Buying a new property can be daunting, especially when you don’t know what to look for to ensure your new home is structurally sound. It may also be difficult to determine if you need a structural engineering report or not. Therefore, we have put together five tips to consider when inspecting your potential property.
TIP 1: Check the walls are ‘square’: it’s worth spending some time to look for the little things to ensure the walls all meet at right angles. We don’t expect you to measure every corner, however, there are a few things to look out for which may indicate the walls are not well aligned:
• Doors that don’t close, have large gaps between the door and doorframe or don’t latch properly
• Built-in cabinets that have pulled away from the walls (especially ones in corners)
• Large cracks in the ceiling paint
When walls are not aligned, it is a sign that the property foundations may be subsiding or settling unevenly, which could be a concern for the future
TIP 2: Don’t stress the small cracks: hairline cracks are very common in properties, especially in South Australia. When it comes to looking for cracks in walls, focus your energy on the exterior walls. “Stair cracks” on brick exteriors can be a sign of foundation movement. Internally, horizontal cranks are of more concern than vertical cracks, but it is worth taking notes of any crack which has a gap larger than about 5mm. Also, ensure you look for floor cracking or gaps in the flooring if you can. These are often a higher concern as it means the foundations are shifting.
TIP 3: Assess that sinking feeling: there are a few simple things to check to see if a property is ‘sinking’. This is more common with extensions as new foundations are often laid and sometimes, they are not properly connected to the original foundations. Look for:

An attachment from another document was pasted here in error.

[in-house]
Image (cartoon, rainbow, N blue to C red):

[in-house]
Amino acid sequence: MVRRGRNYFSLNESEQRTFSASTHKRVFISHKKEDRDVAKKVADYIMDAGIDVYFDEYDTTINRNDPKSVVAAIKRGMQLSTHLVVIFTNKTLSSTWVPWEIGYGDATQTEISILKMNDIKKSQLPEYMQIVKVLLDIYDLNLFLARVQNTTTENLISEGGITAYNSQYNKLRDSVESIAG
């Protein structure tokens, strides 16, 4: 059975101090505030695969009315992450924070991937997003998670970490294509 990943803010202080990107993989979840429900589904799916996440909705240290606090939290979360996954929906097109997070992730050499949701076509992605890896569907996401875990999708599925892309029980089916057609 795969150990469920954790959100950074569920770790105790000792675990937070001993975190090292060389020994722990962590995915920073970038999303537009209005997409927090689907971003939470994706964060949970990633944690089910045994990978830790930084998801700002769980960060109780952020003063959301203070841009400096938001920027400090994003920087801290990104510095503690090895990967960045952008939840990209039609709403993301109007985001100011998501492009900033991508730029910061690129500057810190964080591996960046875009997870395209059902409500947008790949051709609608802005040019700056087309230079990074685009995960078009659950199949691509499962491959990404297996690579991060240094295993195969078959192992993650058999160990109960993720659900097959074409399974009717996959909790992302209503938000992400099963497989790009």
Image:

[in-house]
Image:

• Any changes in texture and colour at the bottom of the inside walls: this means the wall has remained the same and the floor is slowly lowering
• Gaps in the top of the walls between the cornice and roof
• Gaps above and below the windows
TIP 4: Look behind the furniture (if you can): an old trick of the trade is to cover structural damage with furniture. This can be easy for sellers to do when there is simple water damage. We understand looking behind furniture can be awkward, so we recommend focusing your attention around any room which is connected to a bathroom, laundry or kitchen. Water damage can be minor or major. If there is peeling paint, mould and/or intense discolouration, then it could be something more serious and you may have broken/leaking pipes. Also, ensure to check the roof for signs of discolouration as this may be a sign of water damage too.
TIP 5: Always get a building inspection: lastly, we always recommend getting a building inspection report prior to purchasing. A building inspector will usually be able to assist within 48 hours of your request and provide you with a full report on any issues with the property. This includes structural as well as electrical, plumbing and other common concerns. The inspector will also be able to recommend if you need to get a structural engineer involved for more complex or damaged sites.
When is it worth getting a structural engineer involved?
A building inspector will be able to provide the majority of the answers needed on most properties. However, it is worth considering getting a structural engineer involved under the following circumstances:
- If the property is damaged and in need of repair: a structural engineer can provide advice on the extent of the damage so you can approximately determine additional renovation costs.
- If you are looking to undertake major renovations such as removing large walls or building additional rooms: advice from a structural engineer will enable you to assess if your vision is possible and practical.
If you are unsure if you need a structural engineer to assess your new potential property, you can always contact us to discuss or talk to your building inspector.